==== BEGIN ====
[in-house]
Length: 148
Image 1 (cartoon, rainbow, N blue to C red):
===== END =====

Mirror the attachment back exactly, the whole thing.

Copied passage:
[in-house]
Length: 148
Image 1 (cartoon, rainbow, N blue to C red):